Global Marketing News – 24th August 2015
Buzzfeed teams up with Yahoo to enter Japan
Buzzfeed is to launch in Japan later this year after partnering up with Yahoo Japan.
In the mutually beneficial agreement, Buzzfeed will provide content to Yahoo Japan, and Yahoo Japan will drive traffic to Buzzfeed’s site.
Buzzfeed is a news and entertainment site that specialises in publishing fun and sharable articles, often in the form of lists.
It will face stiff competition when it enters the Japanese market, where local sites Virates and Curazy are already well-established.
It hopes that its partnership with Yahoo Japan will give it an edge over its competitors. Yahoo Japan is one of the most popular online portals in the country, with 88% of Japanese internet users using the site.
It isn’t the first time that Yahoo Japan has partnered with a Western brand. Last month, it partnered up with the travel price comparison company Skyscanner to launch a travel search engine.
Japan is just the latest international market that Buzzfeed has entered. Earlier this year it entered Germany, Mexico and India, and it also has sites for the UK, Canada, Australia and France.
45% of Buzzfeed readers are from outside the US, with the upcoming launch in Japan set to push this up even higher.
Tencent invests $50 million in Kik
The leading Chinese internet company Tencent has invested 50 million US dollars in Kik.
Kik is a social messaging app. It is particularly popular amongst Western teenagers, with 70% of users being aged between 13-24 years old and around 40% of American teenagers regularly using the app.
Tencent has a vast amount of experience in social messaging apps, having developed the hugely popular Chinese social messaging apps WeChat and QQ, which both have over 600 million monthly active users.
WeChat allows users to message one another, do online shopping, play games and order taxis, much more than the basic messaging service that Kik currently offers.
Kik hopes that Tencent’s investment will help it to develop in the same direction, into a more complex and fulfilling app.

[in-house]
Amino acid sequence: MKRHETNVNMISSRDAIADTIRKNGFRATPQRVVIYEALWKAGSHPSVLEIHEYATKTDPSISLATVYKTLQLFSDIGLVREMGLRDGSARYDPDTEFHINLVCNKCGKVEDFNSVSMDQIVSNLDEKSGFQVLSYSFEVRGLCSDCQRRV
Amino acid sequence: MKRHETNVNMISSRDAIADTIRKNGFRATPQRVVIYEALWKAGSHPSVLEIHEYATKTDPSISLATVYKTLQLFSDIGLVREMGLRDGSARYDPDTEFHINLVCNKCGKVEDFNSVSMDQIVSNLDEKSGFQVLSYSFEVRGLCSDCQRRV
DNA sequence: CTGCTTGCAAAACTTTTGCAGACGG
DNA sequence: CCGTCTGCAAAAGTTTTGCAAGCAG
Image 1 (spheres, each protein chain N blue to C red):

It will give Kik a boost against its main competitors: the Facebook Messenger app, WhatsApp and Snapchat.
Google releases Hot 2 smartphone in Africa
Google has released its latest cheap smartphone Hot 2 in Africa, as part of its Android One initiative.
The Android One initiative aims to produce affordable smartphones running on the latest version of Android for customers in developing countries.
The Hot 2 smartphones are being sold in Nigeria, Egypt, Kenya, Ghana, Morocco and the Ivory Coast at a cost of 88 US dollars.
They run on the latest version of Android, Lollipop, and will also be able to run the next version to be released, Marshmallow.
With Africa being a key frontier for future online growth, Google is keen to get users onto smartphones running its Android operating system. Commentators have pointed out that this will give Google millions of new customers using its search and advertising services.
Airbnb to enter China
The home-rental giant Airbnb has said that it wants to expand into China.
Airbnb allows users to post ads for spare rooms or apartments, with guests and hosts being able to connect and rate each other after their stay.
The website currently has around 1.5 million listings, with users coming from 34,000 cities in 190 countries.
China was chosen as the next market for Airbnb’s international expansion due to the booming Chinese travel industry; Airbnb has seen a staggering 700% increase in the number of outbound bookings from Chinese customers in the last 12 months alone.
The company is going to team up with local giants China Broadband Capital and Sequoia China in order to produce a localised Chinese platform that conforms to strict Chinese data rules.
South Africa passes internet censorship bill
And finally, the South African government has passed a bill that includes clauses covering internet censorship.
The Bill, an amendment to the Film and Publications Act (1996), still needs to be passed by Parliament’s communications portfolio committee and the National Assembly before it becomes law.
The controversial section says that the Film and Publications Board can remove any content from the internet if it is deemed to be “potentially harmful and disturbing to children”.
Commentators have hit out against the Bill, saying that it threatens freedom of expression.
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